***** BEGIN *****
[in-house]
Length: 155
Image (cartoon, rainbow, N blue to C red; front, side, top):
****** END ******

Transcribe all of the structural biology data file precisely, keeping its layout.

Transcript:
[in-house]
Length: 155
Image (cartoon, rainbow, N blue to C red; front, side, top):